Op-Ed: State Complicit in Affordable Housing Crisis 


By James Vann


Part III



Oakland’s longstanding rental and affordable housing crises continue relentlessly. To the shame of local policymakers, very little has been done at a significant magnitude to alleviate residents’ suffering.



On its own, the market does not stem displacement or produce renter protections and affordable housing.


Only governments can perform these functions. Left to its own devises, the market will not provide housing to meet the mounting needs of lower income residents, who are an ever-growing majority of residents.


The state government is not innocent. Actions and non-actions at the state level have mostly made the local housing crisis worse.


Three particularly egregious state programs cripple local efforts to address housing problems: the Ellis Act of 1985, the Costa-Hawkins Housing Act of 1995, and the “Palmer vs. City of Los Angeles Decision” of 2009.


The Ellis Act permits wholesale, no-cause eviction of tenants when an owner no longer desires to operate rental housing — often a ploy to evict current tenants to make way for more expensive rents.


Costa-Hawkins — an accomplishment led by Gregory McConnell of Oakland and acknowledged with great pride on his website — erodes rent control by deregulating controlled units following each vacancy.


More recently, the Palmer Decision eliminated the ability of cities to impose inclusionary housing requirements to provide specified percentages of affordable units within a market development of rental housing.


The roots of the Costa-Hawkins Act are local. For years, State Senator David Roberti (LA), Judiciary Committee Chair, blocked the heinous Costa-Hawkins bill in committee.


When Senator Roberti was termed out in 1994, Berkeley’s beloved and presumed liberal Senator Nicholas Petris was appointed the seceding chair.


As one of his first acts, Senator Petris, a Berkeley resident and rental property owner, betrayed his local constituents and released the Costa-Hawkins bill to the Republican-controlled legislature.


The bill was passed overwhelmingly by the Republican house, and has since been a plague on renters and rent control programs all over the state.


While there may be little local residents can do to change federal housing policies, this is not at all true of state laws. There are urgently needed programs that can be implemented by the state that will significantly relieve the crisis being endured by tenants, artists, homeless and low-income households.


Despite having both a Democratic governor and solid majority legislature, there are no indications that needed improvements will occur without consistent mass organizing and ongoing pressure.


Here are some of the actions that are needed:


  1. Declare a general “State of Emergency in Rental Housing” to permit a period of relief from the epidemic of astronomical rent increases and no-cause evictions so that remedial programs can be proposed.


  1. Repeal the Costa-Hawkins Rental Housing Law, which greatly restricts the ability of cities to establish, monitor, and maintain equitable regulations or fair rents and unwarranted evictions.


Repeal the Ellis Act, which permits wholesale elimination of rental buildings and mass eviction of current tenants, allowing units to be replaced with luxury condominiums.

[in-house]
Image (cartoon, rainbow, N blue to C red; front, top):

1. Reverse the L.A. Superior Court’s Palmer Decision, which prohibits cities from enacting inclusionary zoning — a program that formerly permitted cities to require that a percentage of a market development (usually 15 percent to 30 percent) must be affordable to lower income households.


Before the Palmer Decision, every city in the Bay Area had an inclusionary housing requirement – except Oakland.


  1. Use a large portion of the state budget’s surplus to create a fund for local communities to build housing for very low-, and low-income individuals and families. Presently, persons on fixed income, Social Security, SSI, or disability can only be served by federal Section 8 Housing Choice Vouchers and the quantity of these units is woefully below the need.


  1. Make it illegal to reject a tenant’s rent, or to claim non-receipt, as the basis for issuing a three-day notice, followed by subsequent Unlawful Retainer eviction of an otherwise fully compliant tenant.


  1. Establish a fund and program of loans and grants to Land Trusts. These developments are one of the only forms available for permanently affordable housing that does not escalate with irrational markets or inflation.


  1. Establish a fund and program of loans and grants to enable cities to purchase abandoned and vacated industrial buildings to be made available for affordable sale or rental to artists and community non-profit social services organizations.


  1. Enact an administrative procedure to authorize city and county attorneys to initiate legal action against patterns and practices of owner harassment of tenants. Present state law puts the responsibility on tenants to file suits in small claims or superior courts — a remedy that is not affordable to many.


  1. Reinstitute Redevelopment and Tax Increment Financing, programs that for decades enabled cities to build affordable housing.


Enact statewide bonds of $2 billion to finance the development of “mini-home communities” for homeless persons and families.


  1. Enact statewide bonds of $5 billion to aid developments of critically needed affordable housing.


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